Says Kirkus Reviews: “A young woman grows up in her father’s eponymous Coney Island museum at the turn of the 20th century in Hoffman’s novel. Watched over by her beloved but acid-scarred family housekeeper, motherless Coralie lives a seemingly idyllic early childhood with her intellectual father above the “museum” he runs but doesn’t let her visit. Then, on Coralie’s 10th birthday, in 1903, her father not only escorts her through the exhibit for the first time, but he also puts her on display as “The Human Mermaid.” Born with webbed fingers, Coralie, an expert swimmer, spends her days in a tank wearing her mermaid suit. At first, she loves the work, in what her father staunchly denies is a freak show, and becomes close to other members of the exhibition, particularly the “Wolfman,” with whom Coralie’s housekeeper falls in love. But as business flags, her father arranges special showings, during which adolescent Coralie must swim naked for invited male audiences. By 1911, her father, a Fagin-like villain who hopes to milk rumored sightings of a sea monster, sends Coralie into New York’s waters at odd hours disguised as the monster. On one of her nightly swims, Coralie comes ashore, discovers a young man with a camera at a campfire and is instantly smitten. Eddie Cohen, the son of an Orthodox Jew, has left behind his ethnic and spiritual roots to become a photographer. Motherless like Coralie, Eddie has also been employed in phony magic, in his case, finding missing persons for a fake seer. Their love affair and Coralie’s rebellion against her father play out in a changing New York City as seen through Eddie’s photographic lens.”

Library Journal says: “. . .Coralie Sardie works for her father, the “professor” and impresario of the Museum of Extraordinary Things, a freak show in Coney Island. She performs as a mermaid in a tank but really lives for her long swims in the cold Hudson River. While Coralie’s element is water, Eddie Cohen is tormented by fire. He fled a fiery pogrom in his native Russia and now wants to break away from his miserable life on the Lower East Side and become a photographer. Eddie’s hatred of rich factory owners increases when he takes photos of the ghastly fire at the Triangle Shirtwaist Factory in Greenwich Village. Meanwhile, Professor Sardie grows even more sinister as the crowds desert his “museum” for the new and lavish amusement palaces of Luna Park and Dreamland. Then Coralie and Eddie get caught up in the chaos as Dreamland burns to the ground. VERDICT With a sprinkling of magical realism, Hoffman blends social realism, historical fiction, romance, and mystery in a fast-paced and dramatic novel filled with colorful characters and vivid scenes of life in New York more than a century ago.”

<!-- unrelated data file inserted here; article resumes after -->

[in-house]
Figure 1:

“Alice Hoffman specializes in fairy tales for impressionable grown-ups and cautionary tales for precocious adolescents. Not infrequently, the two overlap. Her latest fiction for the former demographic, a melancholic love story that spotlights corruption and exploitative labor practices in 1911 New York City . . .  In conflating made-up characters with real-life incident and figures, Hoffman is trafficking more in the tabloid territory of Caleb Carr’s “The Alienist” than the impressionistic dabbling of E.L. Doctorow’s “Ragtime.” Like Carr, Hoffman’s book earns its legitimacy through an eye-opening plethora of period detailing, coupled with the author’s overarching outrage at urban workplace abuses. If “The Museum of Extraordinary Things” descends into high corn in its final stretch, you can’t help but admire the author’s fervor for telling stories and the democratic manner in which she disseminates the love of reading: Fiends and heroines alike lose themselves in great literature. A special place in her protagonist Coralie’s heart is reserved for Edgar Allen Poe, whose ghost hovers over the novel’s fiery climax with detectable satisfaction,” says the Boston Globe.”

When is it available?

You can find Hoffman’s latest at the Downtown Hartford Public Library and its Albany, Goodwin and Park branches.